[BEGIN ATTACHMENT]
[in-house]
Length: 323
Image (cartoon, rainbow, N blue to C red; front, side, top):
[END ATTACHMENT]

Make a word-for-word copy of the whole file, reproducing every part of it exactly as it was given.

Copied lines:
[in-house]
Length: 323
Image (cartoon, rainbow, N blue to C red; front, side, top):